According to a NASA monthly report, September 2014 was the warmest month to date, going back more than 130 years. During September, the global average temperature was 1.38 degrees F above the historical average, calculated using data ranging from 1951–1980.

September was hottest month

This follows an August that had the same results, being the hottest August in recorded history. While there is some disagreement about the record (some temperatures measured on the surface of the planet, as opposed to being measured by NASA’s satellites, have the month tied with its 2011 counterpart for the same record), the existence of the conversation is a testament to the dangers of global warming.

In fact, the people at crystalize the issue quite nicely with their fun interactive info graphic called “1,001 Blistering Future Summers”. This info graphic accesses data about summer temperatures from, you guessed it, 1,001 US cities and includes the average summer temperatures in the year 2100 if there is no change in our current fossil fuel emissions.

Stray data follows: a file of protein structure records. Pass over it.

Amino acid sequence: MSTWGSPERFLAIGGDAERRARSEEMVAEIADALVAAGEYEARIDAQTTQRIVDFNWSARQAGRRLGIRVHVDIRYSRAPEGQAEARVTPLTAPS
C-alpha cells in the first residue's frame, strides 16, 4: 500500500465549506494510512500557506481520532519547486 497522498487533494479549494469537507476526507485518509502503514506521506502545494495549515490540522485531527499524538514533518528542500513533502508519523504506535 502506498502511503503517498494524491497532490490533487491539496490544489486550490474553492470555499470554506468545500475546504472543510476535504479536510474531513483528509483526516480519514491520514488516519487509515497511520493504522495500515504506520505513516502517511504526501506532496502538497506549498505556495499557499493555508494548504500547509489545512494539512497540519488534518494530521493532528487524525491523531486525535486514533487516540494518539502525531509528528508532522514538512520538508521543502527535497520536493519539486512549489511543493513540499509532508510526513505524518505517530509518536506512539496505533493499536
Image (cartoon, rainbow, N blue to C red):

Below are some of the major highlights from the 1,001 Blistering Future Summers info graphic, which display some of the drastic temperatures future Americans might be faced with if we do not decrease our fossil fuel emissions.


2014: 81.73 degrees F

2100: 93.11 degrees F


2014: 93.7 degrees F

2100: 103.91 degrees F

New York

2014: 82.38 degrees F

2100: 91.76 degrees F

Salt Lake City

2014: 88.32 degrees F

2100: 99.61 degrees F


2014: 73.0 degrees F

2100: 83.75 degrees F

Washington DC

2014: 86.68 degrees F

2100: 96.69 degrees F

San Antonio, TX

2014: 94.17 degrees F

2100: 103.91 degrees F

Phoenix, AZ

2014: 103.96 degrees F

2100: 114.08 degrees F